|Walking to Departures at LGW|
But I feel okay.
I missed England, and the people in it even more, and I was so very happy to be home. My real home, where I fit in without thinking about it; where my voice doesn't stand out; where the weather rarely stays the same for a full 24 hours and the sky has a million different shades of grey; where the news actually is news; where pubs are after-work gathering places; where soup is served without a sandwich; where the 'F'-word is more like punctuation than an expletive; where supermarkets don't make me cry (although I can still sing to cheese); where train drivers make comical announcements about their service's latest failure; where metric and imperial units of measure are used seemingly randomly and interchangeably - I could go on.
As I said above, the people are what, who, I missed the most. That's always been true, however much I loved seeing the familiar sights of London, the beloved greens of my Cotswold town, and my beautiful family home. It is hard to put into words what actually seeing my wonderful friends, being in the same place as them, hugging them, is to me having not been able to do it for so long. I think the brain almost allows you to forget a little of how good - nay, necessary - it is because otherwise you'd never be able to carry on. Don't even get me started on how much more this is true for family. Knowing I should see both my parents and Sam and Wren Stateside this year is a huge comfort when I start to ache for their proximity.
|It was cold in London|
Granted, we visited at a funny time of year: Christmas is already pretty busy for most people, not to mention emotional with a lot of family reunions and hectic with fun time off from work. So it's not exactly representative. Add to that the fact that England in the winter is often downright miserable (especially with this year's floods), and I think it's only fair to acknowledge that we didn't see its best side. A summer visit will probably be planned next time, and then I can hopefully have a more balanced view. But I'm not entirely sure how much it will change (except as a function of time - perhaps I will hanker to be there more permanently once I have been away longer? Or perhaps if we stayed longer, at a more "normal" time of year?).
The Internet also has a lot to answer for (or be thanked for). It's made it so very easy to keep in touch with the important goings-on in my family's and friends' lives. Between email, What'sApp, Facebook, Twitter, this blog, and the wonder of being able to make voice and video calls for free via Skype, to an extent it's almost like I've not been away. Although the aforementioned hugs of amazingness cannot be administered down an ethernet cable, and that does make a huge difference once you get one again, it does mean that there is a level of connectedness there that pre-internet expats did not have. I really don't know how they coped. At the same time though, it's possible that these options have facilitated my acceptance of the harder parts of being away, or at least masked them by providing me with some form of immediate communication.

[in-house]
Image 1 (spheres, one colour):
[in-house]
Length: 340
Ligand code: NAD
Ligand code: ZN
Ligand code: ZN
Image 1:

|Status update after getting back to NC|
This does not, will not - will never - mean that we're not coming back. It also doesn't mean that I miss England any less, or am any less English. In fact, no one commented that my accent had changed (it was exclaimed that it had not, in fact), and I was not all of a sudden surprised by how small the buildings and streets seemed - two common occurrences for returning expats from America, apparently.
We plan on living in England at some point in the future for some time, not just because it's my mother country but because Ben wants to very much, and I feel he deserves his own expat adventure too. As he's an English Literature/Shakespeare scholar as well as probably the most British American I've ever met, I think he'll do just fine, and it occurs to me that he might feel a little about Charlotte as I do about Gloucestershire.
I'm not suggesting that one has to leap an ocean to have a 'real' or more meaningful life experience, but for me, it's made all the difference. I wasn't running away from my (lovely) life in England, or any particular thing at all. I just chose change. I chose happiness. I chose love. I chose to be, rather than to seem to be, and I choose to be in Charlotte.
So hey there, Queen City. It's good to be home (part 2). Here's to 2013 in America!
|Sunrise on Fairview|